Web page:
“I was not exposed to works of art at an early age and whatever semblance of creativity I had then did not surface until I enrolled in the old College of Fine Arts and Architecture,” Santos said.

Before he knew it, Santos fell in love with Architecture, which he finished in 1954. Later, he married Amparo Romulo Eugenio, who became dean of the University of the East’s secretarial school. When they spent their honeymoon in Hawaii, Santos realized he wanted to pursue landscape architecture.

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“I was convinced I wanted to be a landscape architect after seeing the beautiful landscape in Hawaii,” Santos told the Varsitarian.

While working as a draftsman for Cornell, Bridgers, and Trollers, the firm behind the landscape features of the Los Angeles Music Center and the Nile and Baghdad Hilton Hotels, Santos finished his bachelor’s degree in landscape architecture at the University of Southern California in 1956 and his masters degree in the same university in 1960. Santos was promoted by the firm as a major designer and was offered to be the firm’s business partner. He refused the offer, as he always longed home.

After nine years in the US, Santos, along with other colleagues, went back to the Philippines to introduce landscape architecture in the academe. Even before they could start, the Board of Examiners for Architects questioned them for using the title “landscape architect.”

“We pointed out that in countries where the architectural profession exists, landscape architects are already well known. People here then didn’t think they needed us, they were not even aware of the profession!” Santos said.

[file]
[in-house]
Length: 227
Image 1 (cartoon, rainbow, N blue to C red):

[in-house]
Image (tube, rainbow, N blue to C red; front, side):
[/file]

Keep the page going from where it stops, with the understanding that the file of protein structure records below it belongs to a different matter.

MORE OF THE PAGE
In 1965, Santos was appointed landscape architectural consultant for the UP campus plan. UP opened the first Philippine undergraduate program in Tropical Landscape Architecture in 1971.

“There were times when I would only have three students, sometimes even one. The program was almost scrapped,” Santos recalls. “Still, I continue teaching because I wanted my students to know what landscape architecture was all about.”

Santos also became the first president of the Philippine Association of Landscape Architects.

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At 77, Santos has reaped numerous awards and recognitions. In 1969, Malacañang gave him a plaque of appreciation for the Nayong Pilipino project, and in 1971, the City of Manila bestowed him the “Patnubay ng Kalinangan” award. He was also named Outstanding Landscape Architect by the United Garden Clubs of the Philippines in 1986 and by the Garden Clubs of the Philippines in 1988. He has given talks and symposiums on landscape architecture in Spain, Greece, and Hong Kong.

UST also gave Santos recognitions such as the Talaan Pagdangal in 1980 and the Outstanding Thomasian Award in 1981.

“At this point in my life, when I look back at the work I have done, I am gratified to see that the jumbled pieces of the jigsaw puzzle of my youth did somehow hold meaning,” Santos said. “I have observed the order that can result from chaos, and have learned to appreciate and work with nature.” Andrew Isiah P. Bonifacio